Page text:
This article depicts the nature of the resettlement, acculturation, and reception of the Somali refugees in the city of Lewiston, Maine from their arrival in 2000 until 2011. As refugees from their war-torn country, Somalis faced a mixed welcome in their new home. Racial and religious tensions rose as the black, Muslim Somalis moved into the predominately white and Christian Lewiston community. In opposition to the cold reception, as this article argues, the vast majority of the Lewiston community greeted the Somalis with tolerance, adaptability, and embracement. This article chronicles the historical contexts of Lewiston and Somalis before and during the immigration, explicit episodes of aggression and acceptance of the Somalis in Lewiston, and the nature of their integration in schools, workplaces, and the community as a whole. The author studied history at Bates College. She recently earned a Master of Social work degree from the Smith College School for Social Work.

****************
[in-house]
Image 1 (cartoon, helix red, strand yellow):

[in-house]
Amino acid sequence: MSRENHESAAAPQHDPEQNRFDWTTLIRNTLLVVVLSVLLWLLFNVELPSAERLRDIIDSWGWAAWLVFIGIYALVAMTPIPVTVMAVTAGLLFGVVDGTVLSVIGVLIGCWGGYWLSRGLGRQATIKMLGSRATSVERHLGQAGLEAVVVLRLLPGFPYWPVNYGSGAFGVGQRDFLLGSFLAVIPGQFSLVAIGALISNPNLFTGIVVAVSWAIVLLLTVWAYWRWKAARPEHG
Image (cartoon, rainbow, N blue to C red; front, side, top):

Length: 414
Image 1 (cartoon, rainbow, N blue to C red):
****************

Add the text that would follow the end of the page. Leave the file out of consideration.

Chase Hogeland, Anna. "A City Divided: Lewiston’s Acceptance and Resistance to the Somali Refugees in Lewiston, Maine from 2000 To 2011." Maine History 49, 1 (2015): 77-101. https://digitalcommons.library.umaine.edu/mainehistoryjournal/vol49/iss1/4